Three years later, in April, 568), on the alleged invitation of Narses, who was irritated by the treatment he had received from the emperor Justin II, Alboin invaded Italy, with the women and children of the tribe and all their possessions, with 20,000 Saxon allies and the subject tribe of the Gepidae and a mixed host of other barbarians, probably marching over the pass of the Predil and crossing the great plain at the head of the Adriatic into Italy. The Gothic War, which had ended in the downfall of the Goths, had exhausted Italy, which was wracked with famine and plague, and the Eastern Emperor's government at Constantinople was powerless to retain the Italian province which Belisarius and Narses had recently recovered for it. Alboin's horde overran Venetia and the wide district which we now call Lombardy, took Milan in 569, meeting with but feeble resistance till he came to the city of Ticinum (Pavia), which for three years (569-572) kept the Lombards at bay and then became the new capital. Where the Lombards did meet with resistance, retribution was savage beyond anything Italy had experienced before. The bishops, who were virtually the leaders of the late antique Roman cities, fled, like the bishop of Milan, or compounded with the barbarians for gentler treatment of their people.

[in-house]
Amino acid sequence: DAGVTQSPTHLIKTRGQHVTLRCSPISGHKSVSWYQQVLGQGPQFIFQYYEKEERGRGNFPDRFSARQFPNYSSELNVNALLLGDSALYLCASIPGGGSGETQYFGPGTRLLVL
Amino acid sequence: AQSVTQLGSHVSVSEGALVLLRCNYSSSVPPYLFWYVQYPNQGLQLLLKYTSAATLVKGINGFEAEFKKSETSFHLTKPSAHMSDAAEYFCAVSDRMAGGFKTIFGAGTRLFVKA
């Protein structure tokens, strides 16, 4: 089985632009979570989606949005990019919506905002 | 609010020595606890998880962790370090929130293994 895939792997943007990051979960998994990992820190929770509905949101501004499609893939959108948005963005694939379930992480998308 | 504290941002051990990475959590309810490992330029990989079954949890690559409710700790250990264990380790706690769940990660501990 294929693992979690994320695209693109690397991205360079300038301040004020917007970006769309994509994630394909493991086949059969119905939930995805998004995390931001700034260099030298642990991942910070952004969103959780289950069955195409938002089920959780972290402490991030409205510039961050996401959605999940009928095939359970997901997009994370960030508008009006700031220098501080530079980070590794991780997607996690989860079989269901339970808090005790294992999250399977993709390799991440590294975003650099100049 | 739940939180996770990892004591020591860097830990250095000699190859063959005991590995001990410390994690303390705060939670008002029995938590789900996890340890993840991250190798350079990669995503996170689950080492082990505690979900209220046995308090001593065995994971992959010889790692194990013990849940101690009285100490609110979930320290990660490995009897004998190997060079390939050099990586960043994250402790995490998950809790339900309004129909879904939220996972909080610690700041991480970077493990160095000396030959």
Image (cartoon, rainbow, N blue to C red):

While the siege of Pavia was in progress Alboin was also engaged in other parts of Italy, and at Pavia's capitulation he was probably master of Lombardy, Piedmont and Tuscany, as well as of the regions which afterwards went by the name of the duchies of Spoleto and Benevento.
In 572, according to Paul the Deacon (Paulus Diaconis,) the 8th century Lombard chronicler, Alboin fell a victim to the revenge of his wife Rosamund, the daughter of the king of the Gepidae, whose skull Alboin had turned into a drinking cup and wore at his belt, out of which he forced Rosamund to drink. She had him assassinated by his chamberlain Peredeo and fled to the protection of the Byzantine representative at Ravenna.
In these few years the Lombards had established themselves in the north of Italy (henceforth Lombardy). But they had little practice in governing large provinces. Lombard warlords (which Latin chroniclers called 'dukes') were established in all the strongholds and passes, and this arrangement became increasingly characteristic of the Lombard settlement. Their power extended tenuously across the Apennines into Liguria and Tuscany, and southwards to the outlying Lombard dukedoms of Spoleto and Benevento. The invaders failed to secure any maritime ports or any territory that was conveniently commanded from the sea, such as Byzantine Ravenna. Local inhabitants fled into the marshes and lagoons, where Venice had its beginnings.
After his death and the short reign of his successor Cleph the Lombards remained for more than ten years without a king, ruled by the various dukes.
Partly based on Encyclopaedia Britannica, 1911.